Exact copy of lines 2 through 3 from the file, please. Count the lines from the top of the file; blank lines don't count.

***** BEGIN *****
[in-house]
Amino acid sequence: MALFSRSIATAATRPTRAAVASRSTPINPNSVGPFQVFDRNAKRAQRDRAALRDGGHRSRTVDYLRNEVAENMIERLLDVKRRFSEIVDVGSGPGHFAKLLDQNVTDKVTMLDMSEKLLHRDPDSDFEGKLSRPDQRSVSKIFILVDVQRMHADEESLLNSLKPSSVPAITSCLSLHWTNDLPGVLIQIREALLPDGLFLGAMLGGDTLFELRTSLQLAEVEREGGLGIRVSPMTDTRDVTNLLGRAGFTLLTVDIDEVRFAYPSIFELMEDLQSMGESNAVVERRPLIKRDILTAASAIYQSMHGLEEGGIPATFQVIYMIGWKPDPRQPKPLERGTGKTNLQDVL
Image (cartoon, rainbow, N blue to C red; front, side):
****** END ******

Amino acid sequence: MALFSRSIATAATRPTRAAVASRSTPINPNSVGPFQVFDRNAKRAQRDRAALRDGGHRSRTVDYLRNEVAENMIERLLDVKRRFSEIVDVGSGPGHFAKLLDQNVTDKVTMLDMSEKLLHRDPDSDFEGKLSRPDQRSVSKIFILVDVQRMHADEESLLNSLKPSSVPAITSCLSLHWTNDLPGVLIQIREALLPDGLFLGAMLGGDTLFELRTSLQLAEVEREGGLGIRVSPMTDTRDVTNLLGRAGFTLLTVDIDEVRFAYPSIFELMEDLQSMGESNAVVERRPLIKRDILTAASAIYQSMHGLEEGGIPATFQVIYMIGWKPDPRQPKPLERGTGKTNLQDVL
Image (cartoon, rainbow, N blue to C red; front, side):